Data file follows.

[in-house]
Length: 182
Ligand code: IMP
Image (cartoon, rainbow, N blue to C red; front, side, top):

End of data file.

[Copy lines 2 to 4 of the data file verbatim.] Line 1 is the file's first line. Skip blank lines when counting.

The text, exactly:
Length: 182
Ligand code: IMP
Image (cartoon, rainbow, N blue to C red; front, side, top):